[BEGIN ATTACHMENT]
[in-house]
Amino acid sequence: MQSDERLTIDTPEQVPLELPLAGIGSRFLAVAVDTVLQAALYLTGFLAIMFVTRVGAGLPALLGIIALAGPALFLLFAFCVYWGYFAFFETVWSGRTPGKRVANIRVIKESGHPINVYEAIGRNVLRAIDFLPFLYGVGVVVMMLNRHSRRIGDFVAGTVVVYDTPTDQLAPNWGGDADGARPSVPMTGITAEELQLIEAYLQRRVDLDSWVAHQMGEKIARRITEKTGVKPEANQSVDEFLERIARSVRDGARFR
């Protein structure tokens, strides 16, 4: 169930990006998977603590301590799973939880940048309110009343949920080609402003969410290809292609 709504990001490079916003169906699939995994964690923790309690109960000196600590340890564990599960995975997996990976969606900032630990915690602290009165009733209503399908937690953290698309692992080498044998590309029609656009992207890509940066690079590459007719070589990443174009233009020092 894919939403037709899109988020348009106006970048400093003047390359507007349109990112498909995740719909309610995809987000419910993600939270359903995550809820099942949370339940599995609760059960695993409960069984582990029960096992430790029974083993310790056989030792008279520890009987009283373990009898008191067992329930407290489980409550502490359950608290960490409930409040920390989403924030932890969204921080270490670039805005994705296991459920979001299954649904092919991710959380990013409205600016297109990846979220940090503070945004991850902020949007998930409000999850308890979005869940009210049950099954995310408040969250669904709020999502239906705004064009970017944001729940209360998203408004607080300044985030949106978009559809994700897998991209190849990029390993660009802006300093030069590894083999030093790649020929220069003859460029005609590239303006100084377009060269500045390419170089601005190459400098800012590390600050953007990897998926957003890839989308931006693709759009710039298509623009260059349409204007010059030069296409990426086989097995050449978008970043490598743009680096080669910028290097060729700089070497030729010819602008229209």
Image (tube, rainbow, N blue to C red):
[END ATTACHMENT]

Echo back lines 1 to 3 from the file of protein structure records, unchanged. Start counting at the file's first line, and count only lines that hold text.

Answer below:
[in-house]
Amino acid sequence: MQSDERLTIDTPEQVPLELPLAGIGSRFLAVAVDTVLQAALYLTGFLAIMFVTRVGAGLPALLGIIALAGPALFLLFAFCVYWGYFAFFETVWSGRTPGKRVANIRVIKESGHPINVYEAIGRNVLRAIDFLPFLYGVGVVVMMLNRHSRRIGDFVAGTVVVYDTPTDQLAPNWGGDADGARPSVPMTGITAEELQLIEAYLQRRVDLDSWVAHQMGEKIARRITEKTGVKPEANQSVDEFLERIARSVRDGARFR
């Protein structure tokens, strides 16, 4: 169930990006998977603590301590799973939880940048309110009343949920080609402003969410290809292609 709504990001490079916003169906699939995994964690923790309690109960000196600590340890564990599960995975997996990976969606900032630990915690602290009165009733209503399908937690953290698309692992080498044998590309029609656009992207890509940066690079590459007719070589990443174009233009020092 894919939403037709899109988020348009106006970048400093003047390359507007349109990112498909995740719909309610995809987000419910993600939270359903995550809820099942949370339940599995609760059960695993409960069984582990029960096992430790029974083993310790056989030792008279520890009987009283373990009898008191067992329930407290489980409550502490359950608290960490409930409040920390989403924030932890969204921080270490670039805005994705296991459920979001299954649904092919991710959380990013409205600016297109990846979220940090503070945004991850902020949007998930409000999850308890979005869940009210049950099954995310408040969250669904709020999502239906705004064009970017944001729940209360998203408004607080300044985030949106978009559809994700897998991209190849990029390993660009802006300093030069590894083999030093790649020929220069003859460029005609590239303006100084377009060269500045390419170089601005190459400098800012590390600050953007990897998926957003890839989308931006693709759009710039298509623009260059349409204007010059030069296409990426086989097995050449978008970043490598743009680096080669910028290097060729700089070497030729010819602008229209």